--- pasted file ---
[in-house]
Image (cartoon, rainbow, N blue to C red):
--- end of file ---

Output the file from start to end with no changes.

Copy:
[in-house]
Image (cartoon, rainbow, N blue to C red):